The self-perceived patient satisfaction and the increased coping skills following TVC are also of major importance for the feeling of safety at home, which was reported high in the enquiry.
The marked reduction in use of hospital resources after introduction of TVC in this pilot study gives promise for a better management of COPD patients. This could induce both a better life and feeling of safety for the patients and reduce the costs for the society. Further, the results presented in this report, are based on the experience from the early start of TVC at our site with a strict use of the equipment for 2 weeks. The accumulated experience through the development of the program indicates even better effects by applying an individualised approach with some patients with shorter follow up and longer in others, based on their individual condition and needs. It is therefore possible that a future, more flexible, individually adapted duration of TVC monitoring of patients might even contribute to increase periods free of re-admissions, rather than the strict, pre-determined period of 14 days of TVC monitoring, used in our study, irrespective of patient condition and needs.
For majority of patients the need of re-admission has been decided by occurrence of an infective exacerbation, as nearly 70% of patients re-admitted, required antibiotic therapy during the first re-admission. Thus, these re-admissions are hard to avoid, but the length of re-admission hospital stays were shortened, as already discussed.
The major limitation of this study is, of course, the retrospective design and the lack of a control group. This pilot study is, however, inspiring to perform a randomised, controlled trial evaluating the effect of TVC on re-admissions and length of hospital stays due to COPD exacerbations. Moreover, DMC was the first centre in Norway applying TVC, being a pioneer, establishing a new therapeutic approach in our region, and the concept has probably improved by time, gaining more experience. Including also the first patients participating might have influenced the results of our investigation. On the other hand, the TVC system has been user friendly both for the patients and the nurses, experiencing few technical problems, the nurses have been well skilled and trained, and both the patient confidence in the TVC service and the patient satisfaction were high.
Cost-benefit analysis has never been an aim of this pilot study, and future research is needed to confirm the cost effectiveness of TVC for COPD patients.
In conclusion, despite the failure to demonstrate a reduced frequency of re-admittance within 6 and 12 months following TVC, as compared to pre-TVC in this pilot study, the length of the re-admission stays within 12 months following TVC was considerably reduced as compared to pre-TVC. Patients who had been admitted prior to TVC, had shorter hospital stays when re-admitted post-TVC. The patient satisfaction was high. Future randomised, controlled trials must be performed to confirm the results of this pilot study and to verify that the TVC does not offer a lower solution to hospital safety.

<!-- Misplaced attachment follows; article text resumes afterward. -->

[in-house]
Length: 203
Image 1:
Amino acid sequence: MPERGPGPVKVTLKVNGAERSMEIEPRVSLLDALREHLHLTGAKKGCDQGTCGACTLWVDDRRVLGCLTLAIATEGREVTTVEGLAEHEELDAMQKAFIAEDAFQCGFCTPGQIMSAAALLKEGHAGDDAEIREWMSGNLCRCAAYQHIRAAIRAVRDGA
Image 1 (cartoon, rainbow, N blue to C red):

BMI: Body mass index; COPD: Chronic obstructive pulmonary disease; DMC: Dalane District Medical Centre; FEV1: Forced expiratory volume in first second; HR: Hazard ratio; LTOT: Long term oxygen treatment; NIV: Non-invasive ventilatory support; SEM: Standard error of the mean; TVC: Telemedicine video-consultation.
The authors declare that they have no competing interests.
SS participated in the design of the study, made contributions to interpretation of data and drafted the article. JPL made substantial contributions to the design of the study, interpretation of data and revision of the manuscript. JBA participated in the design and coordination of the study, collection of and interpretation of data. HG participated in the design of the study, performed the statistical analyses, and made contributions to interpretation of data and helped to draft the manuscript. All authors read and approved the final manuscript.
We would like to extend our gratitude to the Director of the Research Department at Stavanger Hospital Trust for financial support and encouragement to perform the study, without influencing the study design, data collection, analyses or data interpretation, or the decision to submit our results for publication.
We are grateful to the skilled staff at DMC, especially to Torunn-Helen Røkenes van Silfhout, Gro Ege Tønnesen, Tone Alice Lædre, Ingrid Karlsen Aarstad and Mariann Svanes as well as physiotherapist Susan Carol Maun for their enthusiastic work for the COPD patients and the implementation of TVC as a part of the therapeutic approach to the COPD patient.
We also want to acknowledge the Western Norway Regional Health Authority for funding the operating costs of the TVC.
Finally, we thank all our patients who voluntarily agreed to participate in the study.